The report (.pdf) showed 34.5 percent of U.S. doctors providing office-based ambulatory care in 2008 reported that technology for communicating with patients about clinical issues was available in their practice. Overall, only 6.7 percent of all office-based physicians regularly e-mailed patients.
Among the barriers to physicians e-mailing patients is a concern about increased workload without reimbursement. The authors wrote:
Financial incentives also may play a role in encouraging or discouraging the use of e-mail: physicians who received a fixed salary used e-mail more frequently than physicians who were compensated by other means. Physicians who are paid a fixed salary may communicate more with patients generally, including via e-mail, because they can devote more time to activities that are not directly reimbursed, compared with physicians who face practice revenue or productivity incentives. While physicians in larger practices and group/staff-model HMOs were more likely to receive a fixed salary, these differences in e-mail use remained after taking practice size and setting into account.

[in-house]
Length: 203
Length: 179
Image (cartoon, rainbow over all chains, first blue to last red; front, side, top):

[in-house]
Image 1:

Electronic medicine is here with all its bells and whistles - I get that. But it does not come for free nor without consequences to doctors' time and personal lives. Establishing appropriate boundaries for electronic physician access will be our next great challenge.
But the question of if doctors should charge fees for e-mailing patients is, ultimately, part of a larger discussion about payment reform, which Stanford physician Abraham Verghese, MD, commented on a few months ago in this San Francisco Chronicle op-ed.